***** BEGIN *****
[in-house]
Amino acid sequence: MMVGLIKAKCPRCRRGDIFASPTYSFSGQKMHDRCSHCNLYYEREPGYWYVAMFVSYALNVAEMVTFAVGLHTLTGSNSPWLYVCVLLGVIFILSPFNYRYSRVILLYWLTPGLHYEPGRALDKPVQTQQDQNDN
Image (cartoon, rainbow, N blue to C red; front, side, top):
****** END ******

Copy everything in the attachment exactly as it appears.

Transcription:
[in-house]
Amino acid sequence: MMVGLIKAKCPRCRRGDIFASPTYSFSGQKMHDRCSHCNLYYEREPGYWYVAMFVSYALNVAEMVTFAVGLHTLTGSNSPWLYVCVLLGVIFILSPFNYRYSRVILLYWLTPGLHYEPGRALDKPVQTQQDQNDN
Image (cartoon, rainbow, N blue to C red; front, side, top):